A party may intervene as of right when it “claims an interest relating to the property or transaction that is the subject of the action, and is so situated that disposing of the action may as a practical matter impair or impede the movant's ability to protect its interest, unless existing parties adequately represent that interest.” Fed. R. Civ. P. 24(a)(2). The United States Court of Appeals for the Fourth Circuit has interpreted this language to require a party seeking to intervene as of right to meet four requirements: the intervenor must (1) submit a timely motion to intervene; (2) demonstrate a “direct and substantial interest” in the property or transaction at issue; (3) prove that the interest would be impaired if intervention was not allowed; and (4) establish that the interest is inadequately represented by existing parties. Richman v. First Woman's Bank, 104 F.3d 654, 659 (4th Cir. 1997). The parties do not dispute the timeliness of the States’ Motion. Therefore, the Court will focus on the remaining three factors.
A. Direct and Substantial Interest
A direct or substantial interest exists when a party “stand[s] to gain or lose by the direct legal operation of the district court's judgment” in the underlying action. Teague v. Bakker, 931 F.2d 259, 261 (4th Cir. 1991). According to the States, intervention is warranted because the resolution of the present case may impact the enforcement of each State's own laws that relate to or reference the FDA's regulation of mifepristone.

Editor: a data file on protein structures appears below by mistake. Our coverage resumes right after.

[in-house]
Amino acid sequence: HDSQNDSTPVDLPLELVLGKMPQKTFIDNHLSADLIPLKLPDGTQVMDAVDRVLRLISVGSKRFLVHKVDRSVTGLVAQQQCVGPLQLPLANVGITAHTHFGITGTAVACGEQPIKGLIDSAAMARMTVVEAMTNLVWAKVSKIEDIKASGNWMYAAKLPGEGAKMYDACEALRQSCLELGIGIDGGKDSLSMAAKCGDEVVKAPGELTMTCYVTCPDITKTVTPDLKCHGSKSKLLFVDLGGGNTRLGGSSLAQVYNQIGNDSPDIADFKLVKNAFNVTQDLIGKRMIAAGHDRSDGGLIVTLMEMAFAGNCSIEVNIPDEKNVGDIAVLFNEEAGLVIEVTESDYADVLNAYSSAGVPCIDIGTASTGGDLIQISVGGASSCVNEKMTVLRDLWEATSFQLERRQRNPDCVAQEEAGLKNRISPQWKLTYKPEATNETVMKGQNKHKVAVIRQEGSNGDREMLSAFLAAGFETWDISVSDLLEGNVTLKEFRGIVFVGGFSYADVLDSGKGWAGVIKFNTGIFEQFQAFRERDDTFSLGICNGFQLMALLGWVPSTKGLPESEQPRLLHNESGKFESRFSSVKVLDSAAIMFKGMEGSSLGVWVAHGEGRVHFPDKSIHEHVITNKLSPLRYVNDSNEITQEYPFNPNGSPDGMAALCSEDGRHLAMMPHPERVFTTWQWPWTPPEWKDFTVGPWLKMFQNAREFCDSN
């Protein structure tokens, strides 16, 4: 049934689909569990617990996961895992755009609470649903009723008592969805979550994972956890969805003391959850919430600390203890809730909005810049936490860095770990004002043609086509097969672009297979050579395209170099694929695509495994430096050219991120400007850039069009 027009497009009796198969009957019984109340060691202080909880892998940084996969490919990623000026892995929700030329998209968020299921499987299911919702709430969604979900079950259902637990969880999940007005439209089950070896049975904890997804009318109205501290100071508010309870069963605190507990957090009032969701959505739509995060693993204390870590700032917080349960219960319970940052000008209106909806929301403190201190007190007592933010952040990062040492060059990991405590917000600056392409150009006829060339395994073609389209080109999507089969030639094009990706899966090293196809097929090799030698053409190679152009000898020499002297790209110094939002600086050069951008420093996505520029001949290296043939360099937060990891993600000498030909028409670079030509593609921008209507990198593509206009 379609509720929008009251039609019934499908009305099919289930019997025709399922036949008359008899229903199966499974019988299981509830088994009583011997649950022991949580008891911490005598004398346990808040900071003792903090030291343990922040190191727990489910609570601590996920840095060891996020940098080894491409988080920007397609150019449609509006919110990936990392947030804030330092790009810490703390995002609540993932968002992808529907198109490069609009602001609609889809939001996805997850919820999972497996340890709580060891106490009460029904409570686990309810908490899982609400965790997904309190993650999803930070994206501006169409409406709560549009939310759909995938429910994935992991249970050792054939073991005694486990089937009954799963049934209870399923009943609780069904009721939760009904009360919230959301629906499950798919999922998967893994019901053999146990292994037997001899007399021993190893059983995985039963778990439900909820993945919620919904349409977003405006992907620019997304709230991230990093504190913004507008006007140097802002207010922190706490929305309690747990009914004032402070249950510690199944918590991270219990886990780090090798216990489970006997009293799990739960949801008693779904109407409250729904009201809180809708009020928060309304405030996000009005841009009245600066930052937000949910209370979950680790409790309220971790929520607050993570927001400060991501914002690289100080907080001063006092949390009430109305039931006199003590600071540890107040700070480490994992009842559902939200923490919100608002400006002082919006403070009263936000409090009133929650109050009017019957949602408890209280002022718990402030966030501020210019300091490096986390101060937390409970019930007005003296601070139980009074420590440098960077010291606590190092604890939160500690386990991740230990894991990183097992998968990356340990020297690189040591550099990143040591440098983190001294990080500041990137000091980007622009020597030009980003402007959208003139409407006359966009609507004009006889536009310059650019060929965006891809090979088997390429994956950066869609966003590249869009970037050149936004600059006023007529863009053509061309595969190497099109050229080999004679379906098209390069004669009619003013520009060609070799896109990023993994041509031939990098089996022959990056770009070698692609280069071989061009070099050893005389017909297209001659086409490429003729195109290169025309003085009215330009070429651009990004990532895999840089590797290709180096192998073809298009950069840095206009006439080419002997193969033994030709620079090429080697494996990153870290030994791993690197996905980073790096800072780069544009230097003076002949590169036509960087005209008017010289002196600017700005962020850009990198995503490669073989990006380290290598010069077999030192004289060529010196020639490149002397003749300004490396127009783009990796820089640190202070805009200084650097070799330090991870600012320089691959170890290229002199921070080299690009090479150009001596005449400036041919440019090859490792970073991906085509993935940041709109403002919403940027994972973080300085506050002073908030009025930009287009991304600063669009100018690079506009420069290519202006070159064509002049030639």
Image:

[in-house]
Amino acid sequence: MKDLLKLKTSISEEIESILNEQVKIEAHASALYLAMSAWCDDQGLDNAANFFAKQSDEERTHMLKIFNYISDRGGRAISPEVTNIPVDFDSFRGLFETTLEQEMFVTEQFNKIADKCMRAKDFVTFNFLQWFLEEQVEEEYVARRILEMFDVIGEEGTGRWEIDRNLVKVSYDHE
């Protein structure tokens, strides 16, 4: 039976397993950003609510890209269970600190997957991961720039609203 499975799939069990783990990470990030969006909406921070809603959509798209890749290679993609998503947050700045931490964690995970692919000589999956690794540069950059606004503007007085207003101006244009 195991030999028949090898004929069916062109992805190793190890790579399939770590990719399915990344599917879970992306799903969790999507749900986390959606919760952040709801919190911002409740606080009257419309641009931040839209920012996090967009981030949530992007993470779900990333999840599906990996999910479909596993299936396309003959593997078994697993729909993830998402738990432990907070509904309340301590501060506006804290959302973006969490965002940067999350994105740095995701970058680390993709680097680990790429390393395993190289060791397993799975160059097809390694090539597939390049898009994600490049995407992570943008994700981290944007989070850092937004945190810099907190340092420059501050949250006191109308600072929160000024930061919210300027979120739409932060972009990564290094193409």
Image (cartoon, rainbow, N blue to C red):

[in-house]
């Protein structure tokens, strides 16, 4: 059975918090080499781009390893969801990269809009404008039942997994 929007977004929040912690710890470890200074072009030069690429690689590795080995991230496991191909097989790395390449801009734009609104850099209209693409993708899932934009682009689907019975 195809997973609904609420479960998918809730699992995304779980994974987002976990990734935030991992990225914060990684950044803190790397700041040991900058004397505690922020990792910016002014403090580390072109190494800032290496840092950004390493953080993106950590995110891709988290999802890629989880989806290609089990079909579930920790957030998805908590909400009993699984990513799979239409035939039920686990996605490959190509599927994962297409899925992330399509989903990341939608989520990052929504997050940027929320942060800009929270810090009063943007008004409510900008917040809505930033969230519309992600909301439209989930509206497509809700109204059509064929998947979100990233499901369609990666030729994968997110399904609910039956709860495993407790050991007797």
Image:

Upon review of the statutes of each of the ten States, however, the Court finds that while many of them restrict medication abortion in ways consistent with the principles underlying the FDA's existing requirements, the vast majority are not facially linked in any way to the enforcement of the FDA's requirements at issue in this case, such that the resolution of this case would not impair those States’ ability to enforce their own laws regulating mifepristone. See United States v. Metro. St. Louis Sewer Dist., 569 F.3d 829, 840 (8th Cir. 2009) (“A court must carefully analyze whether the proposed intervenor's asserted interest really is bound up with the subject matter of the litigation.”). For example, several of the laws require or arguably require a physician, prior to prescribing or dispensing mifepristone, to perform an “in person” examination, a requirement not imposed by the FDA, which allows the pre-prescription assessment to be completed through an online consultation rather than only in person. See Ind. Code § 16-34-2-1(a)(1) (West 2006) (“A physician shall examine a pregnant woman in person before prescribing or dispensing an abortion inducing drug,” where “ ‘in person’ does not include the use of telehealth or telemedicine services”); Ala. Code § 26-23E-7 (LexisNexis 2016) (stating that a physician must “first examine the pregnant woman in person” prior to giving, selling, dispensing, administering, or otherwise providing or prescribing the abortion-inducing drug); Miss. Code. Ann. § 41-41-107(2) (West 2007) (stating that a physician dispensing or administering the abortion-inducing drug “must first physically examine the woman” before providing the drug); Idaho Code § 18-617(2)(b) (West 2006) (requiring that a physician dispensing a medication abortion drug must have “the ability to assess the duration of the pregnancy accurately” and determine, “if clinically feasible, that the unborn child to be aborted is within the uterus and not ectopic”).